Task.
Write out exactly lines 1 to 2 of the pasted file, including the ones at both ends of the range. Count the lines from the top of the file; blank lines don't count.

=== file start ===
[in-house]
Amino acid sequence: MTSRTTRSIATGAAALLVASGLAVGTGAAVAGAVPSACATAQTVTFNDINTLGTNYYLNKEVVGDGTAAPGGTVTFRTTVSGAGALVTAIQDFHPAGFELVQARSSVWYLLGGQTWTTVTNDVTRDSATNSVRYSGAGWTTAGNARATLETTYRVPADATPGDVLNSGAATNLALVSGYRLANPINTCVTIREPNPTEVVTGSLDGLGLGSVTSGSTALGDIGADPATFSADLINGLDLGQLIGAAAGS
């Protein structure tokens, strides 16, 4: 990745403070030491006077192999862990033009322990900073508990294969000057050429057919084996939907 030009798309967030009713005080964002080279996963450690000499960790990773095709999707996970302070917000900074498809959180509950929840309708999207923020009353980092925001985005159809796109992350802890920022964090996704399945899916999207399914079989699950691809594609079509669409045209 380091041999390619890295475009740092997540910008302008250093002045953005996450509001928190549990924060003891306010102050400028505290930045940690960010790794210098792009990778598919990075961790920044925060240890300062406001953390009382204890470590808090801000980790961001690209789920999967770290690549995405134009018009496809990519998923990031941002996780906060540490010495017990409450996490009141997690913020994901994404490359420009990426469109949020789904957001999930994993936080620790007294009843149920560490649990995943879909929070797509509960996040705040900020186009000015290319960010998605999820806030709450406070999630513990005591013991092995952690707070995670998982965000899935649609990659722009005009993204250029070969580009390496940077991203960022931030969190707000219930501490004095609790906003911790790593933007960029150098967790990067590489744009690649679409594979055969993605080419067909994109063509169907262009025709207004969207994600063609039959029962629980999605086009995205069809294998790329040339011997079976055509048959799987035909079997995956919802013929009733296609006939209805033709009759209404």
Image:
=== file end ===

[in-house]
Amino acid sequence: MTSRTTRSIATGAAALLVASGLAVGTGAAVAGAVPSACATAQTVTFNDINTLGTNYYLNKEVVGDGTAAPGGTVTFRTTVSGAGALVTAIQDFHPAGFELVQARSSVWYLLGGQTWTTVTNDVTRDSATNSVRYSGAGWTTAGNARATLETTYRVPADATPGDVLNSGAATNLALVSGYRLANPINTCVTIREPNPTEVVTGSLDGLGLGSVTSGSTALGDIGADPATFSADLINGLDLGQLIGAAAGS